The original plan for this edition was to feature a detailed book review that connects up to the building blocks mentioned last week. However, as those who recognise the title as being from the poetry of Robert Burns, things did not go to plan. So it seems like a good moment to talk a little about a complex topic - planning. So what was the plan and what went wrong?
The newsletter fits into some spare time between my coaching work. The schedule of every two weeks usually has enough time to write something thoughtful and then assemble some other elements into a good edition. However, a detailed book review takes a bit more time than usual. An extra factor was my second vaccination. While I couldn't be sure, my reaction to the first injection suggested I might lose some time with side effects. So, it looked like good planning that I was due to have that second dose a couple of days after the last newsletter came out. It might impinge on some work - not ideal before a busy week, but it would leave the following lighter week untouched for (amongst other things) developing the book review.
Then, someone in the family had a positive Covid test and we had to isolate. The logistics of isolation made a busy week even busier, but crucially also meant a delay to my second vaccination to the following weekend. Cue 3 days wiped out with side effects and some re-planning had to take place: Think of something less involved to write about (planning!) and create the book review another time.
So, was the original planning wasted? The best laid plan, thrown out by a random event? On the face of it, yes, but taking the longer view I would argue not for a couple of reasons:
- First, it's only by virtue of thinking about fitting everything in to the original plan that I got early awareness that I might have trouble once the situation changed. If you don't know how close to the edge you are, how do you know when you have to reassess?
- Second, I am fortunate to be able to say (for now!) that my environment is fairly stable. Something happened in this two week period, but across the year, not that many things have happened (or, I hope! will happen) to disrupt things. Thus, if I'm making 26 plans a year, only a couple get upended.
I think that's more than acceptable for the improvements that planning brings in peace of mind and consistent output. If your environment is much more unstable, then the equation may be different. Of course, there is much more to say about planning, so you can be sure we'll come back to it at a later date.
The Pleasures and Perils of the Autodidact
On 27th July at 1900 London Time I will be hosting an Interintellect Salon on this topic. (Ticket price $15),
Most of us in the current historical moment are only part autodidact – we’ve learned many things on our own, but also learned quite a bit from others. At the same time, the growth in communication technologies has created more opportunities than ever before to learn something outside a relationship with a teacher or institution. With that opportunity comes a wider sense of the pleasure, but also the peril of self-teaching.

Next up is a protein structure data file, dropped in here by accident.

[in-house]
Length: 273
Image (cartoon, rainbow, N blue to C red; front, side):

Interintellect Salons are open, respectful discussions. It's not a presentation, I won't be lecturing (you'll be glad to hear!). Everyone is given room to think and speak and I'm excited to see what perspectives arise. I think it's going to be a great conversation.
On The Web
The Filing Cabinet
This May 2021 article is a long but interesting piece, giving a history of the filing cabinet and the development of office work. It also makes the case for the importance of the filing cabinet as a "piece of information infrastructure" and as a tool that has structured our thought - and through the metaphors of filing in computing, continues to do so. Those structures have real pros and cons which we would be wise to pay attention to.
Making A Racket?
Racket is a new service built around making it easy to record short (9 minute) pieces. Benjamin Taylor, Managing Partner of the RedQuadrant Consultancy and a prominent member of the systems thinking community, tweeted about his troubled relationship with engineers. As a former engineer I suggested we chat about it and this "Racket" was the result. One thing I learned was that 9 minutes isn't very long once a good conversation gets going.
- Today - 15th July at 2000 London Time (BST), Neville A Mehra hosts his first Interintellect Salon - Cultivating Creativity: Where Do Ideas Come From? (Ticketed, $19) - it looks like it will be a great conversation.
- (Today's Thinking Masterminds Twitter has been cancelled after technical problems last week, we hope to relaunch soon, possibly with a tweaked format.)
- Friday July 16th at 1830 BST, Michael Pollan – The Mind-Altering Power of Plants (how to Academy, £15) - Exploring the culture and science of three mind-changing molecules – caffeine, morphine and mescaline.
- Saturday July 17th at 1500 BST, Liz Voeller has created an Interintellect Salon : Herb Simon and Your Life as Nearly Decomposable Systems (Ticketed, $20) about Simon's unique approach to complexity and how it can inform how we personally deal with the complex.
- Monday July 26th at 1830 BST - Amartya Sen – Home in the World (how to Academy, £15) - in conversation with Peter Frankopan, the distinguished economist looks back on his life and work.
- Tuesday July 27th at 1900 BST - Indy Neogy - The Pleasures and Perils of the Autodidact (see above, Ticketed, $15)
- And of course, Edition #004 of this newsletter will be out on Thursday 29th July afternoon London time - feel free to share this Edition with a friend before then. ;-)
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